Can you imagine how many facets and expressions and challenges of love are deeply woven into 42 years of marriage? My husband and I have written an entire story together that only the two of us share in the intricate detail. There’s something uniquely special about that shared history. Our mysterious little secrets and experiences that are ours alone.
As the pages and pages of our story have been written one day at a time, my husband has come to know me at least as well as I know myself — maybe better. Yet, through the good, the bad, and the oh-so-ugly, he is my best friend. He is my favorite person. When I am with him, I am “home.”
Do you know what fills the depth of my heart and makes it overflow with gratitude? This man who knows me best, genuinely does love me the most. I can’t even comprehend that. He knows everything about me — inside, outside, and all around. Yet, he loves me more than anyone, and he lets me know that faithfully every … single … day.
How is that even possible? My mind boggles.
Here’s the thing … my husband shows me what grace looks like.
This is the gift of God’s grace. The God who knows us best — and loves us the most.
“I’m Thankful for God’s Love in My Best Friend This Valentine’s Day” by Aliya Kuykendall
Two years ago I wrote that I’d never had a Valentine and I’d never felt unloved on Valentine’s Day. That’s still true, though this year feels a bit different. As I walk past large displays with balloons and chocolate-covered strawberries at the grocery store, I remember that a few months ago it occurred to me I’d likely have a first this V-Day: V-Day while dating. But here we are, and I’m no longer in a dating relationship. I’m reminded of what I wrote: “There’s more than one kind of love to celebrate on Valentine’s Day.”
I’m especially thankful for my best friend, who has been with me through every romantic relationship and interest and helped me guide my heart both during and afterwards. As I was searching for a Valentine’s Day card to send her, I came across a card that — although labeled “Romantic” — actually fit my feelings for her perfectly. “You have shown me the meaning of real love — how it takes commitment, devotion, patience and sacrifice. Our love is something out of the ordinary — uniquely precious and irreplaceable, and I couldn’t be more grateful for it!”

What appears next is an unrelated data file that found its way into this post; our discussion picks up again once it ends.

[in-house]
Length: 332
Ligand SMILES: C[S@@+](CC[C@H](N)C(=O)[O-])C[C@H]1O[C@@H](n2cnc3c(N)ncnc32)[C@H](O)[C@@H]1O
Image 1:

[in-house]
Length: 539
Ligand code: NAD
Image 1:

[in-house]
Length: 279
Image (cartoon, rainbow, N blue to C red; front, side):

We met at a Christian conference. She registered me when I came in, and I asked if she had any needs I could pray with her about. The friends I was with were constantly praying for people and receiving from God information and encouragement for them. We kept bumping into each other over the course of the conference and ministered to her again, though there were thousands of people there. She suggested we exchange numbers. That was five years ago. I didn’t have faith that I could develop a friendship over long-distance with someone I just met, given my history of failing to keep up with old friends. But she was faithful to keep initiating contact.
“How Can We Best Show Our Wives How Much We Love Them?” by James Robison
I have been blessed by God with the most wonderful wife. Only God could have designed such a perfect mate, friend, mother, grandmother, and now, miraculously, co-host of the LIFE Today television program.
Betty was plagued with a spirit of fear for much of her life. It manifested itself in feelings of low self-esteem, a horror of failure or disappointment, and an overwhelming desire to perform in some way in order to gain acceptance. … her feelings of inferiority about sharing with others basically kept her closed off, and kept her mostly to herself as far as the public was concerned.
In my heart, I knew that if the world could see the beauty, spiritual depth, and true wisdom that filled this woman’s inner being, she would be an indescribable blessing. I prayed for many years that God would grant her the peace of mind and the confidence to willingly open herself to others so that the river of life which ran so deeply within her could spill over and impact others. As I prayed, I could sense her desire to overcome, and God gave me the insight to constantly encourage her. As I poured on the praise and confidence-building encouragement, it was like watering a beautiful flower.
Every time she would share just a little in a small group, I would point out how mightily others had been blessed. I would keep telling her that the beauty God had placed within her would inspire others to trust Him to enable them to overcome whatever difficulties they faced in life. God answered the prayer, and we saw Him release a life-giving flow that brings admiration and expressions of gratitude from millions of people throughout North America and the mission fields of the world.